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J Community Health. 2016 Feb;41(1):87-96. doi: 10.1007/s10900-015-0071-8.

Community Trial of a Faith-Based Lifestyle Intervention to Prevent Diabetes Among African-Americans.

Author information

1
Department of Emergency Medicine, Medical College of Georgia, Georgia Regents University, 1120 15th Street, AF-1001, Augusta, GA, 30912, USA. rsattin@gru.edu.
2
College of Nursing, Georgia Regents University, 987 St. Sebastian Way, Augusta, GA, 30912, USA. rsattin@gru.edu.
3
College of Nursing, Georgia Regents University, 987 St. Sebastian Way, Augusta, GA, 30912, USA.
4
Department of Biostatistics and Epidemiology, Medical College of Georgia, Georgia Regents University, 1120 15th Street, AE-1036, Augusta, GA, 30912, USA.
5
Department of Epidemiology, University of Pittsburgh, 505B Parran Hall, Pittsburgh, PA, 15261, USA.
6
Hubert Department of Global Health, Emory University, 1518 Clifton Road NE, Room 7040 N., Atlanta, GA, 30322, USA.

Abstract

About 75% of African-Americans (AAs) ages 20 or older are overweight and nearly 50% are obese, but community-based programs to reduce diabetes risk in AAs are rare. Our objective was to reduce weight and fasting plasma glucose (FPG) and increase physical activity (PA) from baseline to week-12 and to month-12 among overweight AA parishioners through a faith-based adaptation of the Diabetes Prevention Program called Fit Body and Soul (FBAS). We conducted a single-blinded, cluster randomized, community trial in 20 AA churches enrolling 604 AAs, aged 20-64 years with BMI ≥ 25 kg/m(2) and without diabetes. The church (and their parishioners) was randomized to FBAS or health education (HE). FBAS participants had a significant difference in adjusted weight loss compared with those in HE (2.62 vs. 0.50 kg, p = 0.001) at 12-weeks and (2.39 vs. -0.465 kg, p = 0.005) at 12-months and were more likely (13%) than HE participants (3%) to achieve a 7% weight loss (p < 0.001) at 12-weeks and a 7% weight loss (19 vs. 8%, p < 0.001) at 12-months. There were no significant differences in FPG and PA between arms. Of the 15.2% of participants with baseline pre-diabetes, those in FBAS had, however, a significant decline in FPG (10.93 mg/dl) at 12-weeks compared with the 4.22 mg/dl increase in HE (p = 0.017), and these differences became larger at 12-months (FBAS, 12.38 mg/dl decrease; HE, 4.44 mg/dl increase) (p = 0.021). Our faith-based adaptation of the DPP led to a significant reduction in weight overall and in FPG among pre-diabetes participants. CLINICALTRIALS.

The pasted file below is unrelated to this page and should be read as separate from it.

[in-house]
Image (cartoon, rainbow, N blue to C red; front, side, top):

GOV IDENTIFIER:

NCT01730196.

KEYWORDS:

African-American; Diabetes prevention; Obesity; Translation research

PMID:
26215167
PMCID:
PMC4715566
DOI:
10.1007/s10900-015-0071-8
[Indexed for MEDLINE]
Free PMC Article

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